There's no denying how easy Instagram makes capturing snapshots while on the go. The best part, besides the filters, is the ability to instantly share photos and push them to social networks. However, I've come across occasions where uploading then and there is not possible or unsafe. The workaround is an easy one and one that ironically can improve the quality of your Instagrams noticeably...
The 2-Step Tip for Better Instagram Photos: Stop shooting photos with Instagram and shoot with your native iOS or Android camera app. Process your photos with Instagram afterward after handpicking the best.
The number one reason for poor Instagram photos is the same reason for poorly snapped photos using any camera: not taking enough time. By using your phone's camera app you can take several photos instead of just one like most people do, then later pick only the best from your virtual roll of film to Instagram.
Earlier today I was riding on my motorcycle and the sun was creating some scenic moment, shining dramatically through the clouds above. I pulled out my iPhone, with my motorcycle gloves still on, and snapped a few photos using the native iPhone camera app while I was pulled over. The whole process took a couple of seconds.
Later when I was safely out of traffic, I opened up Instagram, reviewed all the photos I had snapped, and then only processed the best of the bunch. I just needed to center them for Instagram's square format before applying the filter of my choice. Much safer, and reviewing a batch of images means picking out the best rather than settling for just one photo, offering yourself plenty of time to review which filters work best for each image rather than rushing.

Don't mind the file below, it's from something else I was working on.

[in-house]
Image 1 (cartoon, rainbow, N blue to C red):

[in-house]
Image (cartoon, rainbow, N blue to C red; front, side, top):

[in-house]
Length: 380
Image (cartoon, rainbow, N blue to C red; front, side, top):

Of course the trade-off is the instantaneous gratification of uploading "the moment" as it happens is lost, part of the appeal of social networked services like Instagram, and there will be times when good is good enough. But considering half the reason friends will like or comment on images depends upon the quality of the photos you're sharing, taking a little time before, during, and after snapping your photo can be the difference between a great photo and just one lost in the daily feed.